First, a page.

Many, perhaps most, people are satisfied if their photos look good on their blog or on-line photo gallery, which is fine and good... and almost any image WILL look fine in those environments. I won't imply that any tool or technology is right or wrong, but I wanted to try to explain how and why my own particular method has changed.
So as an example, here at the top we have a full frame 4"x5" image that I just shot in Utah, scanned from a Fujifilm Velvia color transparency. (This is not the actual full-resolution image, of course, but the following crops are. Please click on the full frame for a bigger version first, though).
This was scanned at 1200 ppi, which resulted in a 5735 x 4584 (26.3 megapixel) image and a 75+MB file size (.tif format... a jpeg file would be much smaller, but jpegs are destructive, as you know:) This is nowhere near the maximum resolution that film can be scanned, it just makes an easily manageable file size for most common purposes, i.e. web posting or small-to-medium sized prints. In this case, if printed at 240 ppi, which I find to be very adequate on my printer, the resulting print would measure 19" x 24", a pretty healthy size for framing. Bigger than that, I would simply increase the scan resolution to 2400 ppi, or more if necessary. The film itself remains intact and unchanged as your analog "RAW" file.. you can always go back and start over from the original source, just as you would from a digital RAW file.
To demonstrate the incredible amount of visual information captured here, I have framed four quite small areas of the larger image in pink and included a 100%, full-resolution crop of each highlighted area, so you can see the detail to be had. Click on each to get the full 1-1 pixel resolution. These are unadjusted and unsharpened, as is the top full frame, other than the standard optimization used during scanning. With a little work any of them could stand alone, I think. Pretty cool, eh? Notice the clarity and definition in the blades of grass, tree bark, small twigs and the individual leaves (you can count 'em if you want!) and the lack of colors bleeding into each other from overblown pixels, or fringing in high contrast areas that you often see in digital-capture files.
The last sample is a side-by-side matchup to a digital capture, shot from almost the same spot one day before.. I tried to get as close to the same spot as possible with the crop.. (you can see a round spot on the rock and a tilted tree that match) and you will notice how it resembles an impressionist painting by comparison. I did add a little sharpening to the digital image to make it half-way comparable. Honestly, I was kind of stunned at the difference. Now to be fair, my digital camera is no longer state-of-the-art at 12 MP, but even the highest-end current DSLRs costing $7 - 8K barely touch this resolution, which as I said, is actually pretty low for medium or large format film. I suspect a medium format digital capture would look very close, but medium format (6x6, 6x7, etc) digital cameras/backs can easily cost the equivalent of a luxury car before you even talk about lenses, accessories, etc. This becomes a cost/benefit situation. The cheapest digital back that would fit on my Mamiya 6x7 starts at a cool $10K for 22MP, just for the back... and I can buy a whole lotta film for $10K. (And, the film is still better, just less CONVENIENT). The new Leaf/Aptus 80MP back goes for about $32K.. I can easily produce an 80MP file from this transparency without spending another penny. There are some more "affordable" medium format digital cameras coming out around $10K (Pentax 645D), but we'll have to wait and see how they do, I'm not sure where the market is for something like that. The camera that took this photo cost me under $1000 brand new (it is beautifully hand-made by a small company of large-format enthusiasts in China and is a work of art in itself), plus a nice, good-as-new German made lens that I picked up on EBay for $350. Unlike a digital camera, it will not be out of date next year... or in 10 years. The basic design has already been around for the better part of a century. Workflow after scanning is exactly the same.. process with Adobe Camera RAW as far as possible, add adjustment layers in Photoshop to fine tune... and then off to print, website, or wherever. I actually find I need less messing around with "film raw".. the colors are richer and more right-on right from the start.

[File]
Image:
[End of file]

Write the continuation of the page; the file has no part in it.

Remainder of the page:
Does any of this matter to the "quality" of a photograph? Yes and no. It certainly can't improve improve the light, the composition, the color, the timing, the concept.. all those things that make up a good photograph as a whole, but there IS a certain expectation and respect for detail and print quality when it comes to landscape art, so from that perspective it is certainly a big advantage in at least one area. Disadvantages? Without doubt more cumbersome and slow to work with, no zoom lenses, no sophisticated built in light meter, no instant preview, no instant 5 shot bracketing to cover your exposure mistakes, but somehow it just feels more like the "real deal", at least the way I originally learned and fell in love with it, and had almost forgotten.
I think that's enough about large format, for today at least. Shooting in medium format is much closer to working with a typical digital SLR, while image detail remains superior... and it's very cost-effective. I find it to be an excellent compromise. I'll talk a little about that sometime soon.